While only seven per cent of Western firms generate half of their revenue or more from emerging markets today, that number is set to reach 38 per cent by 2020. Historically, Western firms have enjoyed a considerable hiring advantage in emerging markets over domestic companies and government organisations, and were once considered to be the epitome of status and superior career prospects. Post recession however, these companies are struggling to retain their dominance as the employer of choice in key markets including China and India.
CEB has been collecting data on employees and candidates in China and India over the past five years, surveying more than 300,000 employees and working with HR teams at more than 60 companies. In 2008 our research found that 42 per cent of highly skilled Chinese professionals preferred working for Western multinationals. By 2010 however, Western companies’ hiring advantage in China had been halved, with 24 per cent favouring employment with a multinational company.
While the preference for multinationals among Indian employees is declining, a higher number of candidates still prefer to work for them than in China. In 2008, 55 per cent of high-skill Indian professionals preferred working for a global company. By 2010 the preference for employment with a multinational had shrunk to 37 per cent as both domestic Indian employers and state-owned enterprises have become more competitive in the eyes of Indian job seekers.
The global downturn has played a crucial role in helping domestic employers steal a march on their global rivals. Memories of the downturn and the impact this had on many major international players has diminished their brand stature, leading a growing proportion of high potential Chinese and Indian workers to view domestic employers as a more attractive — and secure — option.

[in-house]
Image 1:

In China in particular, Western firms and their brands took a significant hit during the financial crisis as Chinese economies and local career opportunities continued to grow despite the ‘global’ economic slowdown. Because China was able largely to escape the immediate effects of the financial crisis and continued to grow in comparison to other leading economies, highly skilled Chinese employees saw this as a powerful reason to engage with domestic companies over those headquartered in the West.
At the same time, domestic employers in India and China have become far more competitive in attracting talent.
Multinationals are finding it increasingly difficult to fend off this attack by domestic companies. In China for example, candidates are seeing, or at least reporting, favourable perceptions of Chinese private sector organisations, in terms of their size, their product maturity and their brand strength.
More importantly, employees and candidates are also viewing large domestic employers as good sources of career development and long-term career paths, which was not the case before the financial crisis.
Essentially, Chinese companies are now viewed as equal to multinational brands in terms of employment preference. While Western companies were trimming the fat, pulling back on recruiting efforts and in many cases laying off employees, Chinese companies continued to hire and began providing many of the advantages multinationals had become known for — developing opportunities within a fast-growing company and regular promotions, from the comfort of home.
Coupled with the belief that local companies offer more compelling career opportunities, Western companies have been losing ground to their domestic competitors.
This supports a preconception held by many Chinese workers that a glass ceiling exists for them in multinationals because desirable senior level positions within the company are and will continue to be held by Western expatriates. These concerns, together with the spirit of national pride employees feel when working for a domestic employer, put Western companies trying to compete for talent in a precarious position.